Daniel Blake’s 10 favourite writers, in alphabetical order:
In Cobenland, the suburbs are not white and shiny behind their picket fences; they’re dark, scary places where everyone carries secrets, and danger occurs when those secrets collide. The familiarity of the settings and the characters seduce the reader; these are people like you, Coben says, barely pausing to strap you in before starting the rollercoaster. His writing is pacy, vivid and often laugh-out-loud funny, almost physically impelling you to turn the page. Plot twists come thick and fast – Coben puts a rug under your feet with the express intention of pulling it out again when you least expect it – but rarely do they feel contrived or overdone.
Martin Cruz Smith.
The Arkady Renko series tick all the boxes of superior crime fiction. Expert characterisation? Check. Tack-sharp dialogue? Check. Sense of place? Check. Deft prose style? Check. Not since Greene has a writer managed to combine character and thrills so seamlessly. Renko is a man we root for, simple as that. He is moral without being a prig, humble and compassionate without being a saint, smart without being pedantic, loyal without being blind, wryly cynical without being bitter, and optimistic without being gullible. A good man, in other words; one with flaws which make us empathise with him, and with qualities which make us aspire to be him.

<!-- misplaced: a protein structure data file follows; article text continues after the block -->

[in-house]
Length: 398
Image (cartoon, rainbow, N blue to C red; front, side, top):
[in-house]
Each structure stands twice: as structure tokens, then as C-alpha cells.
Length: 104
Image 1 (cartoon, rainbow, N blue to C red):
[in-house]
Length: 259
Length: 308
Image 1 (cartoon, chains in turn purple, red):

The search for the ‘new Le Carre’ is one of the publishing industry’s most perennial exercises, and there’s no shortage of contenders. Cumming is arguably the frontrunner. His writing is sharp and deft, and he has the confidence to let his characters drive the story rather than throw in otiose plot twists for the sake of it. He also gets better with every book; his most recent, the China-set Typhoon, is his most ambitious and accomplished work yet. The apprentice may one day overtake the master.
July 5, 201011:55 am
Inspired by Soul Murder, guest blogger Adele from Un:Bound takes a look at the most Memorable Deaths in Fiction.
Playing Cluedo as a child I always felt certain people should use certain weapons, I
felt the game lacked verisimilitude otherwise. Professor Plum clearly would have to use the candlestick. Miss Scarlett should use the revolver like any self respecting femme fatale, Mrs Peacock, portrayed on her card as older and wealthy seemed a shoo in for the dagger since poison wasn’t an option, Colonel Mustard as an army sort ought to have the strength to use the rope and so on. I was possibly putting too much thought into the game, but a steady diet of Morse, Poirot, and Miss Marple will do that to a child.
So the trend was set, it matters to me how you kill people. That’s only reasonable though; there should be method to the madness and meaning to be found behind the method. In Soul Murder (Daniel Blake) the victims are burned alive. This is not only grotesque enough to be memorable, but also raises questions for both the detectives and the reader, the most fundamental of which is: why didn’t the killer take Scott Evil’s advice? “Just shoot him now … I’ll go get a gun and we’ll shoot him together …”